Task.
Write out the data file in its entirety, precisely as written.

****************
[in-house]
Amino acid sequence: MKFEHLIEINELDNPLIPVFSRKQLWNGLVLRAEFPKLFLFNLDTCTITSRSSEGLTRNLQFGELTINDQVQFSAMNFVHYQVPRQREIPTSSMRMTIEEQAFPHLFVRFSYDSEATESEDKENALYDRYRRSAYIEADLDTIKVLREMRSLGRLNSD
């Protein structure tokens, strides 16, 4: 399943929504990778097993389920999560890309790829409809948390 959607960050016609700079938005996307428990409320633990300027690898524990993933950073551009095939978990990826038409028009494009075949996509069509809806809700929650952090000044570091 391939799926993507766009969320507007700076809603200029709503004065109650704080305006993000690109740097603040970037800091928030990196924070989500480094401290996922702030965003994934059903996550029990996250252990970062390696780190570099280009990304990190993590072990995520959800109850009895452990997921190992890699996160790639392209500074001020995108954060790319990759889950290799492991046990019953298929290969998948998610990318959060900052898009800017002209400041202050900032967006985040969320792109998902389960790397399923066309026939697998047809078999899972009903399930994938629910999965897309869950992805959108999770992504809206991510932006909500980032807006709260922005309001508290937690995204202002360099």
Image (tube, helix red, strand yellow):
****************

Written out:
[in-house]
Amino acid sequence: MKFEHLIEINELDNPLIPVFSRKQLWNGLVLRAEFPKLFLFNLDTCTITSRSSEGLTRNLQFGELTINDQVQFSAMNFVHYQVPRQREIPTSSMRMTIEEQAFPHLFVRFSYDSEATESEDKENALYDRYRRSAYIEADLDTIKVLREMRSLGRLNSD
């Protein structure tokens, strides 16, 4: 399943929504990778097993389920999560890309790829409809948390 959607960050016609700079938005996307428990409320633990300027690898524990993933950073551009095939978990990826038409028009494009075949996509069509809806809700929650952090000044570091 391939799926993507766009969320507007700076809603200029709503004065109650704080305006993000690109740097603040970037800091928030990196924070989500480094401290996922702030965003994934059903996550029990996250252990970062390696780190570099280009990304990190993590072990995520959800109850009895452990997921190992890699996160790639392209500074001020995108954060790319990759889950290799492991046990019953298929290969998948998610990318959060900052898009800017002209400041202050900032967006985040969320792109998902389960790397399923066309026939697998047809078999899972009903399930994938629910999965897309869950992805959108999770992504809206991510932006909500980032807006709260922005309001508290937690995204202002360099």
Image (tube, helix red, strand yellow):